As Montreal Pride approaches, city increases efforts to vaccinate against monkeypox

·2 min read
One of the floats in Montreal's 2019 Pride parade. This year's festivities have to contend with an outbreak of monkeypox . (Yessica Chavez/Radio-Canada - image credit)
One of the floats in Montreal's 2019 Pride parade. This year's festivities have to contend with an outbreak of monkeypox . (Yessica Chavez/Radio-Canada - image credit)

Montreal Public Health is working with Pride organizers and a community group to get the message out that men who have sex with men should get vaccinated against monkeypox before next week's Pride festivities get underway.

Vaccinating targeted populations is still the primary public health strategy in Montreal, said Dr. Mylène Drouin in a news conference Thursday. By contrast, Canada's director of public health, Dr. Theresa Tam, has asked men to limit their sexual contact with other men during the outbreak.

Drouin said Montreal is on the right track but public health is still carefully monitoring the situation and continuing vaccination efforts.

"We are on a plateau, but at the same time we want to stay really vigilant," said Drouin.

There have been 299 cases of monkeypox declared in Montreal since the beginning of May, and vaccination efforts seem to have been successful so far, with 13,250 people getting the shot, Drouin said.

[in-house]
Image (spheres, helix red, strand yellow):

Charles Contant/CBC
Charles Contant/CBC

The city currently has several vaccination sites, and one mobile unit, that look to reach those most at risk of contracting the virus.
 
Drouin said that, looking forward, it's important to be aware that other countries' responses to the virus will have an impact. The more vaccinated Montreal's population is, the more likely it is that the city's case numbers will remain stable.

Optimism for Montreal Pride

The director general of RÉZO, a community group for gay, trans and bisexual men, Alexandre Dumant Blais, said that vaccination efforts in the Gay Village are going well but that they "must continue."

In addition to its regular drug-intervention kiosk, which provides naloxone and drug-testing services to festival attendees, RÉZO will have vaccination locations in the Village throughout Montreal Pride. The organization has been working with public health authorities to reach marginalized and unvaccinated communities.

Charles Contant/CBC
Charles Contant/CBC

"For the past two months, our efforts at RÉZO have been paying off," he said.

Simon Gamache, executive director of Montreal Pride, seemed optimistic ahead of the festival. He said the collaborative approach that's been taken has reduced the potential for harm associated with monkeypox transmission at a large-scale festival.

"They've made Montreal one of the only cities in the world holding a Pride event this summer where a critical mass of festival-goers will be vaccinated against monkeypox."

Leaving stigma behind

Gamache said that Pride Montreal will continue to work with public health and RÉZO to get the vaccination message out "before, during, and after," the festival.

The targeted communication strategy adopted by the three groups toward men who have sex with men is part of ensuring that vaccinations reach the most at-risk populations without increasing stigmatization.

"Don't be afraid to talk about it with your partners and to get tested," said Dumant Blais, adding "We don't have time for stigmatization."

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